Yesterday evening, my car broke down in a really dodgy part of town.
It was 6pm. I had one kid in the back of the car, and the little one a few kilometres down the road at a crèche that was about to close. Oh, and my husband was traveling in the Middle East. Yay.
This is the sort of place where accident victims get robbed while lying in their blood waiting for the emergency services to arrive, or that’s what I’m told. And there I am, an alone lady, using my shiny smartphone to call the vehicle insurance, handbag on the passenger seat, my 3 and a half year old boy playing patiently on an equally shiny iPad on the back seat. And I am not experienced at being subtle in dodgy areas. I’m a sitting duck. I could just as well have painted a target on my back.
So what happens? Well, this is South Africa.
As I gesture to the cars around that I’ve broken down, they look at me kindly and drive around and deal with the peak hour traffic in other ways, everyone is accommodating. Phew.
After a few minutes a car pulls up. Out comes a man to check up on me. I explain the situation. He offers to pick up the little one from the crèche. It’s OK I tell him, he’s with his teacher and she’s taken him home with her. So he says he’ll stay with me until he knows I’m safe.
Another 5 minutes pass and another man comes up and asks if he can help. Together, the two push the car out of the middle of the busy junction where I broke down. The second man also chases away some ‘volunteers’ who are clearly more dodgy than helpful.
The second man takes off. Then, a police car arrives. They were just driving past. They ask me if everything’s OK. I explain the situation, they say they’re on their way home after their shift but they’ve called their colleagues and are going to stay with me until the other police car arrives.
After a while, two other police cars arrive and park around me. The first car takes off. At that stage, I have 8 police officers and the first man staying with me just for our safety. They make sure onlookers who have their eyes on my phone and my handbag remain at a distance. They chase away other private tow trucks who are not the one sent by the insurance.
Finally, the tow truck arrives. The insurance company calls me. They want to stay on the line until I’ve confirmed the name of the tow truck driver and his truck registration number. Everything is in order. They pull the car up onto the back of the truck. We take our valuables and my boy and I jump into the front. He’s very excited to go home in a truck 🙂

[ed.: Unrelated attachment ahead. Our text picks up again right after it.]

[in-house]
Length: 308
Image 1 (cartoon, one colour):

Before we leave, we thank the police officers who are super kind and visibly take pride in protecting people.
The first man who stopped follows the truck all the way home to make sure we’re OK. There, he leaves his name and phone number so I can call him again if anything is wrong. Then everybody leaves.
I take my husband’s car and we go and pick up my baby from the crèche teacher’s home where he’s been given extra love for an hour and a bit.
Late and tired and exhausted from the adventure, the family is finally safe and sound at home. The concerned neighbours make sure we’re OK on our street whatsapp group.
With a deep sigh of relief, I contemplate being in South Africa.
Sure, it’s a country with lots of challenges and problems, and it’s not cool that one can become an easy target for crime like that but life works here. People here talk to each other. We know our neighbours. People are prepared to take an hour out of their day to help complete strangers who appear vulnerable and they are true friends when we need them.
There are always more good people than not. And that is the South Africa I love to live in.
Author Bio: Carolina Ödman
Carolina Ödman [Physics Engineering M.SC. EPFL 2000 Astrophysics Ph.D. Cambridge 2003 ] is an Astrophysicist and mum of 2.
She works in technology, science, development, hacking (the good kind), and photography.
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